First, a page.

Posts Tagged ‘Deshoda’

What are the most beautiful words in the English language?

Sunday, July 10th, 2011

Obviously, I am an ailurophile

This one is too much fun to resist.

The Deshoda blog is asking for the 100 most beautiful words in the English language.

They’ve got some good ideas – it’s hard to beat tintinnabulation, for example, as Edgar Allen Poe knew when writing of

… the tintinnabulation that so musically wells
From the bells, bells, bells, bells,
Bells, bells, bells –
From the jingling and the tinkling of the bells.

Or sempiternal, or serendipity, or, for an ethnic note, how about Susquehanna? Am I just enamored of those scintillating sibilants? Perhaps.  Quintessential, then.

Onomatopoeia is too obvious, I think. So is mellifluous … which, really, is an example of onomatopoeia, isn’t it?

All the French words they’ve picked, like denouement. As Camila commented, are words like ratatouille really English words?

And here’s one I didn’t even know:  Petrichor – the smell of earth after rain.  How not to fall in love with that one?  Reader Ranjini commented it “has got me waiting for the day the rains come.”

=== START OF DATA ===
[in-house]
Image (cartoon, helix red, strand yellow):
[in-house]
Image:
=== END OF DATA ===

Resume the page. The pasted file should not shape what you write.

Galleycat joined the fun, and made a simple nomination for the list: lovely.  This isn’t just one of your holiday games, admonishes Galleycat editor Jason Boog, “it is one of the most important questions an aspiring author can ask. All writers should love language and keep a long mental list of favorite words to use at important moments in your writing.” As if to underscore the point, the Galleycat editor also shows us to a site for a visual thesaurus.


Which brings to mind Nadia’s recommendation, Robert Herrick‘s liquefaction:

Whenas in silks my Julia goes,
Then, then, methinks, how sweetly flows
That liquefaction of her clothes.

Next, when I cast mine eyes and see
That brave vibration each way free ;
O how that glittering taketh me !

As a child, ripple was one of my favorites – and it made Deshoda‘s cut.  But my sister’s favorite didn’t:  voluptuous.  Well, you have to know my sister.

My daughter told me that, since girlhood, her favorite word was triumphant, because it reminded her of elephants.

But now that I’m older and wiser, I know I know the very best word of all: 


Make your own nominations below. Or on my Facebook page. They’ll wind up here anyway.